“Eating Dirt:” down and dirty, planting the Canadian forests
Charlotte Gill’s “Eating Dirt” chronicles the author’s experience replanting the industrial forests of Canada, complete with mud, insects and snow, not to mention leeches, bears and cougars.
Special to The Seattle Times
“Eating Dirt: Deep Forests, Big Timber, and Life with the Tree Planting Tribe”by Charlotte Gill
Greystone Books/David Suzuki Foundation, 264 pp., $16.95
Charlotte Gill’s account of the work and lives of the people replanting the clear cuts that dominate the industrial forestlands of the Northwest is an arresting look into another world.
It’s all here: the rain, the mud, the Titanic meals in backcountry cookhouses, the nights in bad motels.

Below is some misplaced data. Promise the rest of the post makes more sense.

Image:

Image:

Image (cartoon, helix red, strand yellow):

The crazed and marginal lives directed for a season into a manic drive to plant new trees in scourged ground, faster and ever faster. The bears, the bugs, the blood, the isolation.
Wrung from nearly 20 years working as a tree planter, in Canada, hers is a diary of extremity. But what sets “Eating Dirt” apart is the vividness of the writing. Gill’s prose puts the wasp in your shirt, the weariness in you at the cellular level, the grizzly too close for comfort:
“Planting trees isn’t hard,” she writes. “As any veteran will tell you, it isn’t the act of sowing itself but the ambient complications. It comes with snow pellets. Or clouds of biting insects so thick and furious it is possible to end the day with your eyelids swollen shut and blood trickling from your ears.”
Devil’s club and stinging nettle, sunburns and hornets. Leeches and ticks and bears and cougars. Over time, Gill writes, the work “... has the bodily effect of a car crash in extreme slow motion.”
Gill’s book is a searing look at the hard-used, bald spots in the woods we try to look past, and the lives of the people toiling to heal them with new green.